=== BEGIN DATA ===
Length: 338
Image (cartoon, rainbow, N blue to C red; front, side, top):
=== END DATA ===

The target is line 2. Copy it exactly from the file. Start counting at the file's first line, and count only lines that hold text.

Image (cartoon, rainbow, N blue to C red; front, side, top):